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A Dozen Uses of Life Insurance in Estate Planning

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1 A Dozen Uses of Life Insurance in Estate Planning
This Material is Not Intended for Use with the General Public Ed. 06/11 Exp. 06/13

This material has been prepared by The Prudential Insurance Company of America to assist financial professionals in obtaining continuing education credits. It is designed to provide general information in regard to the subject matter covered. It should be used with the understanding that it does not constitute legal, accounting or tax advice. Such services should be provided by the client’s own legal, accounting and tax advisors. Accordingly, information in this document cannot be used for purposes of avoiding penalties under the Internal Revenue Code. Life insurance is issued by The Prudential Insurance Company of America and its affiliates. All are Prudential Financial companies located in Newark, NJ, and each is solely responsible for its own financial condition and contractual obligations. Life insurance policies contain exclusions, limitations, reductions of benefits and terms for keeping them in force. A financial professional can provide a client with costs and complete details. The availability of other products and services varies by carrier and state.

3 Not Insured by FDIC or Any Federal Government Agency. May Lose Value.
IMPORTANT INFORMATION Life insurance policy cash values are accessed through withdrawals and policy loans. Loans are at interest. Unpaid loans and withdrawals cause a reduction in cash values and death benefits. In general, loans are not taxable, but withdrawals are taxable to the extent they exceed basis in the contract. Loans outstanding at policy lapse or surrender, prior to the death of the insured, will cause immediate taxation to the extent of the gain in the contract. For policies that are Modified Endowment Contracts, distributions (including loans) are taxable to the extent of income in the contract, and an additional 10% federal income tax penalty may apply. Clients may wish to consult their tax advisor for advice regarding their particular situation. Securities and Insurance Products: Not Insured by FDIC or Any Federal Government Agency. May Lose Value. Not a Deposit of or Guaranteed by Any Bank or Bank Affiliate. Prudential, the Prudential logo and the Rock symbol are service marks of Prudential Financial, Inc. and its related entities.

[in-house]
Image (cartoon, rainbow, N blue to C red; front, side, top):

4 Benefits of Life Insurance
Death benefit generally received income tax-free under IRC §101(a) Death benefit can be structured to be estate tax- free Tax-deferred cash value build-up Generally can borrow cash value without tax Exception: modified endowment contracts Although the primary reason to purchase life insurance is for the death benefit, many policies provide the potential for cash accumulation

5 Benefits of Life Insurance
Notwithstanding the time value of money, periodic small gift transfers for premium can provide large death benefits Form of property people generally don’t mind giving away during lifetime Unique in its ability to provide instant substance (death benefits) where insured is prevented from doing so because of death (life insurance is self- completing)

6 #1 Income Replacement Life insurance death benefits can create a fund that survivors (beneficiaries) can access to help replace income lost at the death of a wage earner. Family with few assets dependent on the income of an insured Survivors (beneficiaries) who may be asset rich but income poor Inherited assets are low/non-income producing (i.e., land, minority interest in a closely held business) Trust beneficiary with minimal income distributions (i.e., income-only trust beneficiaries)

7 #2 Source of Cash Life insurance death benefits can instantaneously create a pool of cash at an insured’s death to help: Pay down or pay off mortgages or other debts Fund services provided by the deceased (house cleaning, child care, cooking, etc.) Fund for education Fund for the care of individuals who are physically or mentally not able to provide for themselves (i.e., children with special needs)

8 #3 Source of Liquidity Life insurance death proceeds can be a source of liquidity to help pay federal/state death taxes and other death-generated costs (final expenses, administrative costs). Typical plan for a married couple with large estate: An amount up to the applicable exclusion amount ($5M in 2011) passes to a bypass trust for benefit of family. This amount totally avoids federal estate tax. Balance of property passes outright, or in a qualifying marital trust, to a U.S. citizen spouse without estate tax. At spouse’s death, any property in excess of the spouse’s estate tax exemption amount is subject to estate tax. Result: Delays federal estate tax until death of the surviving spouse.

9 #3 Source of Liquidity (Continued)